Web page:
Backed by today's maker movement culture, creatives of all kinds can find the support, resources, and confidence they need to try out just about any craft, whether traditional or trendy. Part of that maker culture is the concept of 'hacking' or repurposing existing materials, intended for crafting or not, to make something entirely new. Case in point, resin, which is traditionally used in varnishes, adhesives, and even food glazing, has become a popular craft medium across segments, including jewelry making. In this post, we'll explain what your brand should know about the resin jewelry trend and discuss what types of resources jewelry makers need to get started with the material.
Resin Jewelry Applications
Resin was originally developed as a manufacturing material and comes in both synthetic and natural formulations. Typically, resin refers to compounds in liquid form that harden under heat, light, or other setting agents. When hardened, resin is incredibly strong and can add a translucent or opaque layer of color to a variety of projects. For this reason, resin has become a popular crafting element in multiple categories, from live edge woodworking to jewelry making.
Resin can be used to create beads, earrings, pendants, charms, and more, each with their own processes and tricks for makers to learn. The process for making resin jewelry differs depending on the type of jewelry and the design being made. In general, the processes consist of combining liquid resin with hardener while creating the desired design and colors. Usually, the resin and other elements are poured into a mold to harden into the desired shape. Then, once the resin pieces are finished, the maker will begin to attach them to their jewelry wire or other supplies in order to make them wearable.
In some cases, the designs are created by simply mixing together different colors of resin or adding dye to the resin. Colors can be suspended inside translucent resin or opaque on their own. However, perhaps the most common style of resin jewelry is suspending decorative elements or objects inside of clear resin. Almost any small object -- dried flowers, small plastic pieces, metals, glitter -- can be encased in resin. Additionally, resin can be poured and hardened in a dome shape on top of a flat design, like printed paper or stamped metal.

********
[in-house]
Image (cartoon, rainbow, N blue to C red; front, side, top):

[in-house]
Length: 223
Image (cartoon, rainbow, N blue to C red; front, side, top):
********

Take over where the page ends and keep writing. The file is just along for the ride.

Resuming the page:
Getting Started with Resin Jewelry
Resin jewelry is certainly one of today's trendier styles, and makers are finding inspiration for it everywhere. A simple Instagram or Pinterest search returns thousands of resin jewelry photos and tutorials, while resin jewelry is also a staple of craft markets and art shows as well. Fortunately, once a jewelry maker learns that working with resin can be much easier than they assume, many jump right in and start learning to make their own designs.
It can be extremely simple for makers to start creating resin jewelry without much formal training. All they need is a little how-to content to get them started, and then trial-and-error takes over until they become more comfortable with resin pouring and molding. Those informational resources, from blogs to videos to Pinterest posts, are incredibly valuable to the development of their skills, especially early on in the learning process. When a technique works out well, jewelry makers are likely to return to the same source when further questions or needs arise in their projects, which is why it's so important for your brand to get involved in the conversation early on.
However, we know makers like to improvise and experiment, and sometimes, they like to bend the rules. Experimentation goes a long way when developing their own jewelry crafting style, and you may be surprised just how unique and inventive jewelry makers can be when it comes to their resin molds. Any support your brand can offer them along the way helps establish you as a leader in the industry that jewelry makers can trust.